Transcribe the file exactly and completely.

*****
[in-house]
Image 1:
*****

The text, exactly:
[in-house]
Image 1: